Ricketts proposes cutting budget and taxes

Gov. Pete Ricketts delivers his 2018 State of the State speech (Photo by Fred Knapp, NET News)
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January 10, 2018 - 5:08pm

Nebraska Gov. Pete Ricketts promised to try again to deliver tax relief he says Nebraskans are demanding. His comments came in his annual State of the State speech Wednesday, which also included a proposal for another round of budget cuts. And in the Legislature, lawmakers have killed the latest attempt to repeal the state’s requirement for motorcyclists to wear helmets.

It was Rickett’s fourth State of the State speech, and he spent the first half of it celebrating achievements, ranging from trade deals and investments, to greater government efficiency. Then, he got down to the nitty-gritty issues expected to dominate this legislative session. The first was the budget, which has a $173 million projected shortfall. Ricketts announced his proposed solution, including across-the-board reductions of 2 percent in this fiscal year and 4 percent in the next.

That would save about $77 million, and include cuts of more than $4.5 million to the State Patrol, and nearly $35 million to the University of Nebraska. Ricketts is also proposing to borrow more than $100 million from the state’s cash reserve, which would bring it down to below $300 million, compared to more than $700 million two years ago.


Watch Governor Pete Ricketts' 2018 State of the State address to the Nebraska Legislature.

But there are exceptions to the governor’s proposed budget cutting. One involves children. “We have seen a significant increase in the number of children coming into the state’s child welfare system. Annually, we’re up about 9 percent, or about 485 kids,” Ricketts said, adding “Folks, that’s heartbreaking.” In his budget, he is recommending an additional $35 million for child welfare and public assistance for this year and next.

Ricketts said about one-third of children removed from their homes were removed because their parents were using methamphetamine. Sen. Kate Bolz agreed that is a serious problem. But Bolz said another is that the Department of Health and Human Services is not meeting legal requirements to reduce caseloads for child welfare workers, resulting in high turnover. “Without sustainability and experience in our child welfare staff, we can’t make sure that those kids are in safe, stable, successful placements,” Bolz said.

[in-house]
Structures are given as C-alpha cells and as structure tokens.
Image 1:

Ricketts also proposed exempting school aid from cuts, increasing the number of corrections officers, and adding 100 beds to the Nebraska State Penitentiary.

But it was on taxes that Ricketts made possibly his most far-reaching proposals. He promised once again to try and achieve property and income tax relief. “It’s an urgent need. We must help our farmers and ranchers with crushing property tax bills. We must help all Nebraskans keep more of their hard-earned money, and attract more people to come to our state,” he said.

To do that, Ricketts proposed redirecting an existing credit that goes to all property owners. Under his proposal, it would go only to owners of agricultural and residential property, not commercial or industrial property. It would exclude people who live in other states but own property in Nebraska. It would also exclude people who rent property, who don’t get the existing credit, but whose landlords do, and may factor in those savings when calculating rent. The credit starts at 10 percent of property taxes paid, and would increase if revenues exceed projections.

Ricketts proposal, introduced by Sen. Jim Smith, chairman of the Revenue Committee, would also reduce the top income tax rates of 7.81 percent for corporations and 6.84 percent for individuals down to 6.69 percent for both, by 2020. Sen. Tom Briese, who’s working with farm and education groups on his own proposal for property tax relief, said his plan will differ from the governor’s. “My proposal will identify new revenue sources to be directed towards property tax relief, while at the same time protecting the interests of K-12education,” Briese said.

Briese said he would use income, sales, and excise tax dollars to restore some state aid to schools that’s been cut in recent years, as well as capping how much property tax can be used. He will introduce the plan in the next few days.

Ricketts also proposed ensuring that federal Title X funds are not used to fund abortion. Those funds are used to provide birth control largely to low income women by organizations including Planned Parenthood, which would be denied funding under the proposal. Planned Parenthood said those funds can’t be used for abortion and it doesn’t do so; opponents argue providing funds to Planned Parenthood indirectly supports abortions by supporting an organization that provides them.

Responding to the Republican governor’s speech, Nebraska Democratic Party Chair Jane Kleeb said “Gov. Ricketts fails to address how we will fix the $200 million budget shortfall as he throws the predictable political football of abortion.”  

In other legislative action Wednesday, yet another attempt to repeal Nebraska’s motorcycle helmet requirement has failed. Faced with a filibuster by repeal opponents, it would have taken a two-thirds majority, or 33 senators in the 49-member Legislature, to invoke cloture and proceed to a vote. Repeal supporters mustered only 30 votes, leaving their effort dead for the year.



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